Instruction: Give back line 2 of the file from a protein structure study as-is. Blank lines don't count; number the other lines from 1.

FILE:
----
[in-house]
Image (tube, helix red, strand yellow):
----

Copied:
Image (tube, helix red, strand yellow):